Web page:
‘A Blood Red Autumn: Thomas Russell and the Irish Rising of 1803’ by Francis P Gallagher is designed to shed more light on a subject which till now has received little historical research. The book is available locally at Easons and Waterstones.
We finally met Peter Shea, son of the author of this book. With his wife Lynn, Peter – who hails from Adelaide, Australia now, though born in Belfast – is on a 10 day tour of Europe (Yes! Europe, no less) and called with your editor in an attempt to find his father’s grave in St Mary’s – and to get a quick look-round Newry.
‘Roll the Credits’ is a limited edition biopic of the life’s work and achievements of Newry’s Man of the Century, Sean Hollywood, and is our first book review. Hurry! There may yet be a few copies in Easons, Savages or the Sean Hollywood Arts Centre. This will be a Collector’s Item.
‘The Yew Tree at the Head of the Strand’ was published in 2001 by Liverpool University Press and, a paperback of about 200 pages, retails [or it did when I purchased my copy] at the hefty price of around
The research and writing of ‘Frontier Town : An illustrated History of Newry’ was undertaken by Tony Canavan when he was curator of Newry Museum over a decade ago. Though Canavan is a famous name in Newry, Tony is from Belfast. He returns here shortly to give a lecture in the Carlingford Lough series. I’ll be there.
I am an ardent fan of this wonderful history. It is excellently researched and reads like a racy narrative. We are very lucky to have such a tome at our disposal – that is, those of us who purchased early and have looked after our copy. I say this because Blackstaff [ISBN 0-85640-430-6] unfortunately bound this paperback volume with a brittle gum than deteriorates with time, and most copies are by now, literally in bits!
I seldom hear reference made to Canavan’s work locally – in Newry History Society, for example – and wonder if begrudgery has again raised its ugly head. Certainly any localised research must begin here. His Preface succinctly expresses the role of the town in Irish history. Personally I still prefer Frontier Town to Newry City, the former conjuring thoughts of our pivotal role so often in the past: the latter a sop – from QE2 – to aspiring ‘spinners’.
Those of us who lived through much of the twentieth century may take exception to parts of his final chapters, though it is always most difficult to assess living history. He wrongly identifies Irish Labour [I was a member and attended Annual Conferences in Liberty Hall, Dublin] on Newry Council with Northern Ireland Labour Party and casts the principled rump led by Tommy McGrath as ‘dissidents’ when they were faithful to party policies, whereas Pat McMahon – whom he extols – went on to unfairly allocate homes on the basis of ‘I want my bite of the cherry!’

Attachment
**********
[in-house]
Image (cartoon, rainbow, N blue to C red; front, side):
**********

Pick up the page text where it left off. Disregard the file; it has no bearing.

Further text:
He dates the Great Hunger from 1844-1849 and alleges it had no effect on the town. Readers of Workhouse History on these pages will disagree! There are other anomalies but errors are few.
If you only ever read one book about Newry, make sure it is Canavan’s!
I know nothing at all about the book I’m about to ‘review’ except that it was entitled ‘Voices and the Sound of Drums’ and it was written by Patrick Shea and published in 1981 by Blackstaff.
I came across this short excerpt and was mightily impressed. I’ll really have to make an effort to locate it (Amazon, again!) and buy a copy. I hope you conclude likewise.
During our lunch period I walked along North Street, a tumbledown part of old Newry, to the Butter Market and found myself in the midst of a hiring fair; a fair in which the merchandise was human beings. Those doing business were standing about in small groups, talking quietly; a sturdy man holding out for what he thought he was worth as a ploughman, a rosy-cheeked servant girl listening and nodding as details of the offered engagement were explained to her by a farmer and his wife, a mother handing over her fourteen-year-old son on the understanding that in return for his apprentice labour on a farm he would be kept and given three meals a day and after six months she would be paid perhaps five or six pounds.
Hiring fairs were peculiar to the northern part of Ireland.
Do any of you know this book? Was Patrick Shea a relative of Jack, our Laughing Policeman of Derrybeg Lane? And of Dorothy (Dodo to us rude and uncouth schoolboys, although I remember this dear and unassuming teacher taking us for amateur drama practice in the living room of her own home in Derrybeg Lane on Saturday afternoons, for no reward!). Gone now to her eternal reward, it’s too late to tell her how much I appreciated her.
[Yes I know the latter two were brother and sister, and were O’Shea – but that doesn’t exclude the possibility of some familial relationship with the author!]
P.S. I’ve just received an e-mail from Peter, the son of the author of this book. He lives now in Australia but is visiting us in May. And YES, Jack and Dorothy were brother and sister to Patrick.
I’d love to meet him then. Perhaps he will loan me a copy of the book, so I can do a proper review!)
STOP PRESS *** STOP PRESS *** STOP PRESS *** STOP PRESS *** STOP PRESS ***Mourne Country by E E Evans has been reprinted for Christmas 2005 market. ***
Despite endless hints, not ONE of my large family saw fit to purchase me a copy for a Christmas present. Would YOU like to make an old man very happy?